Latest commercial property news from Lambert Smith Hampton

Energy legislation will affect property values

18/11/2011

Alexa Cotterell, Adam Ramshaw

New Government legislation on the energy efficiency of buildings will have a significant effect on property values and could leave landlords with unlettable premises.

The Energy Act 2011, which has just received Royal Assent, will make it unlawful to let buildings with F and G rated Energy Performance Certificates after April 2018. This means landlords need to act now to avoid significant improvement costs in the future.

Immediate action essential to mitigate risk

Alexa Cotterell, Director in our Building Consultancy team said the degree of risk attached to F and G rated properties was high, and would get higher as the 2018 deadline approached.

“Investors and landlords who are on the ball should, even now, be identifying which of their properties are at risk of falling foul of this new legislation and putting a plan in place to improve the future environmental performance of their properties.”

She adds: “Statutory compliance costs could be very high if work isn’t done to improve environmental performance. Far better to identify the reasons for poor performance and carry out efficiency improvements during routine maintenance or periodic refits. Landlords need to revisit their leases to understand to what extent compliance costs are recoverable from the tenant and which they will have to bear themselves. Tenants will be reluctant to agree leases on poor performing buildings, so this will have an inevitable effect on values.”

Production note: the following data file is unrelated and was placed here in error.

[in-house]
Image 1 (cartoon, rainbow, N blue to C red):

Legislation will impact value of investment

Adam Ramshaw, Associate Director in our Capital Markets team adds: “This legislation could have a significant impact on the marketability and value of investment stock over the next five years and beyond. Landlords are already under a huge amount of pressure in the current climate. Additional expenditure will undoubtedly impact on the market, particularly for secondary stock where we are already seeing the effect of physical obsolescence on pricing and marketability.”

Government figures suggest that as much as 18% of buildings with an Energy Performance Certificate fall into the bottom two categories, spread across all asset classes.

Alexa concludes: “It’s important that landlords of D and E rated buildings don’t get complacent. Falling values will affect them too over time as regulations get more stringent. Investors and landlords should act now to secure the highest possible energy rating.”

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